Category Archives: Telephone Scam

Tech Support Scam Returns with a New Trick

Dear tellows fellows,

as you might remember, we have posted an article about fake technical support scam in the beginning of last August to warn you of the rising issue of a Microsoft scam. Microsoft has also released several statements on their official website to warn people about this fraud. Unfortunately, this doesn’t stop scammers from finding other ways to trick people.

Recently, we found out that many fake tech support scammers have been using another method to deceive Microsoft users. They take advantage of Microsoft TechNet portals and created over 3000 fake pages. The TechNet portal is usually used by Microsoft users to save documentations of products and images as well as to offer community forums for its users. Unfortunately, the scammers have found a way to use the subdomain of TechNet portal, gallery.technet.microsoft.com, in order to be displayed on Google. Although the pages are usually blank pages with error message, the scammers’ purpose is to display their phone numbers on the headline of the pages. They mostly affiliate the tech support with Bitcoin or Coinbase Helpdesk. The problem has gotten bigger, as the fraudsters were able to rank quite high on google search and their fake pages were displayed on the first page when the users search for keywords such as “Helpdesk Microsoft”, “Helpdesk Coinbase”, etc.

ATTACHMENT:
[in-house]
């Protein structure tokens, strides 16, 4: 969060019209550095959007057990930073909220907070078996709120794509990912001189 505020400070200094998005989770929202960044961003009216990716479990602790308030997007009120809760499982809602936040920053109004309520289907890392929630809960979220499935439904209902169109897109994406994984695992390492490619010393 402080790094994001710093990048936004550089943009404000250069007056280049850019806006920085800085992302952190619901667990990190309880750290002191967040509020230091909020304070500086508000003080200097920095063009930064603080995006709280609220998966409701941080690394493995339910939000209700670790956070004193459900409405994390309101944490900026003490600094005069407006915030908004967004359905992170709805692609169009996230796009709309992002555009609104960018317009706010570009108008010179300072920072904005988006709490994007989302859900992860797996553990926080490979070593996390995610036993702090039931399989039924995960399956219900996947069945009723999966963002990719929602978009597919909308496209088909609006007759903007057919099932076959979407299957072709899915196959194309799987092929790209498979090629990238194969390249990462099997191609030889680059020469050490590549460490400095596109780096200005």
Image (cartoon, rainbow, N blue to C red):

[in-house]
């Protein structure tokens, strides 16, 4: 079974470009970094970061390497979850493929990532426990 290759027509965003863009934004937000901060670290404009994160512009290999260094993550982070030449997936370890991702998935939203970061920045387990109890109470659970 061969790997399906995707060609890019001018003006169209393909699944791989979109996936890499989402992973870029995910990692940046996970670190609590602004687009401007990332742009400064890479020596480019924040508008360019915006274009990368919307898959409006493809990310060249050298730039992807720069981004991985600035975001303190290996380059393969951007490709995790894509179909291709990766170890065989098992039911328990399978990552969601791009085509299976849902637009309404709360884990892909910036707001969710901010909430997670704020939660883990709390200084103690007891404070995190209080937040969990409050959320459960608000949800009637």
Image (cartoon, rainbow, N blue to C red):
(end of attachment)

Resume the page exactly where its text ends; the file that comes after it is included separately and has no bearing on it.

Continue reading

Fake Technical Support On The Rise

Dear tellows fellows,

lately we have been seeing many reports in our tellows community regarding fraudsters claiming to be computer tech support. These fraudsters used the most classic trick: they claimed to be from a well-known company such as Microsoft and told us that our computer had been infected or hacked. In order to fix the computer problem and prevent the virus from damaging the computer any further, they offered “assistance”. If we had agreed to this, they would give us some instructions we must follow. Usually, we would be asked to visit certain websites and enter our personal data there. Some fraudsters could even hack the computer and show a pop-up window to ensure us that our computer had indeed been infected by some viruses. In the end, they would either try to steal our personal bank data through the access we gave or charge us for the costs of fixing the non-existent computer issue. Continue reading